Congress should vote to extend them … but what if it doesn’t?
As 2010 draws to a close, Congress will likely act to extend the Bush-era tax cuts into 2011 or beyond. However, this is the same Congress that has done nothing about the estate tax for a year. So let’s play “what if” for a moment. What if we witness an “epic fail” on Capitol Hill and the EGTRRA and JGTRRA cuts disappear?
How would the middle-class tax burden increase?
Deloitte Tax LLP (a tax advisory firm) and CCH (a tax software and publishing firm) ran some numbers and came up with some model scenarios. They aren’t pretty.
According to the Deloitte projections, a typical family of four earning $50,000 would see its tax bill jump by about $2,900 in 2011. CCH estimates that the average married couple with two kids would suffer a $2,143 income tax increase. As for single taxpayers, Deloitte figures than a single filer earning $50,000 in 2011 would pay about $1,100 more to the IRS if the cuts expire.
These projections clearly show why the Obama administration favors preserving the cuts for the middle class, even in light of the staggering federal deficit.
If the Bush-era tax cuts sunset, the “marriage penalty” will return in 2011 with the shrinking of the 15% tax bracket. The child tax credit will also be cut in half from $1,000 to $500. These two factors alone would account for much of the above tax increases.
Don’t panic just yet, because the average tax rate for a middle-class family is really much lower. As the Wall Street Journal noted earlier this year, a middle-income family usually ends up paying less than 10% of its gross income in federal income tax after deductions and exemptions according to the IRS.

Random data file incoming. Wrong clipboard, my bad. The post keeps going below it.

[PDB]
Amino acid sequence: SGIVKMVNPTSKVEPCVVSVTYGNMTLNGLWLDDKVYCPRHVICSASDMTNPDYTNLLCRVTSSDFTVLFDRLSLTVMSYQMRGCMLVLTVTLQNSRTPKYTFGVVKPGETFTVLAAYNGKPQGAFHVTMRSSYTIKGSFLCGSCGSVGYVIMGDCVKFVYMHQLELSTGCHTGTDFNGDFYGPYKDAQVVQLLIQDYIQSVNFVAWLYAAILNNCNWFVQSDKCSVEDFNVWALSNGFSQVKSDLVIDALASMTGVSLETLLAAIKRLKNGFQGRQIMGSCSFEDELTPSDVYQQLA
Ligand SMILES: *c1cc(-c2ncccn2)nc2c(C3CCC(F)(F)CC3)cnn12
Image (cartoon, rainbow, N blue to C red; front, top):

What would happen for the wealthy?
The 33% and 35% tax brackets would rise to 36% and 39.6% next year if taxes reset to Clinton-era levels. This would affect only about 4% of taxpayers – notably, the ones most influential in job creation.
An analysis from the Joint Committee on Taxation finds that taxpayers with gross incomes above $1 million would get an average tax cut of about $6,300 in 2011 should the Bush-era cuts expire. That is peanuts compared to the $100,000 average tax cut the JCT says they would get if the Bush-era cuts were extended. As for taxpayers whose gross incomes fall between $500,000 and $1 million, they would get an average tax cut of about $6,700 in 2011 without the EGTRRA/JGTRRA extension, compared to about $17,500 with the Bush-era tax cuts in place.
Capital gains rates would go up!
Investors in the 10% and 15% brackets don’t have to pay taxes on long-term capital gains in 2010, but a 10% capital gains tax would return for them in 2011. The rest of us would see capital gains taxes rise from 15% to 20%.
So would estate tax rates. If the Bush-era tax cuts aren’t preserved, estate tax rates will go back to 2001 levels – that means a 55% tax on individual estates greater than $1 million ($2 million for married couples). The non-profit Tax Policy Center estimates that if the exemption drops to $1 million next year, it will force seven times as many estates to file estate tax returns in 2011 as in 2009. The TPC figures that 44,000 estates will pay tax next year if we go back to the 2001 limits, compared to just 5,500 in 2009.
You might see a temporary tax hike – even if lawmakers act in time.
The IRS finalizes its withholding tables for the coming tax year in November of the current year. This gives employers enough lead time to integrate the information into paycheck withholding systems.
Well, guess what: November is almost over and the IRS still has no answer from Congress on income taxes. So the IRS could direct employers to increase paycheck deductions starting on January 1, as the withholding tables must be based on the present tax law which states that the EGTRRA and JGTRRA cuts will vanish in 2011.
You may want to adjust your withholding on that first paycheck or two of 2011. If an EGTRRA and JGTRRA extension is approved in December, your paychecks may be smaller until new withholding tables are implemented. Congress should have known better: with consumer spending so fragile, this was not a good time to take a bite out of after-tax income.